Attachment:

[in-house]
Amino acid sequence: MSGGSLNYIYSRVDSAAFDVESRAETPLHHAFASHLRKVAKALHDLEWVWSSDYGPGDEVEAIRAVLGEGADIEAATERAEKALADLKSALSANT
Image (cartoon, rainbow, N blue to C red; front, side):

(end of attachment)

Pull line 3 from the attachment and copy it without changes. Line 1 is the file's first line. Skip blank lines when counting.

Image (cartoon, rainbow, N blue to C red; front, side):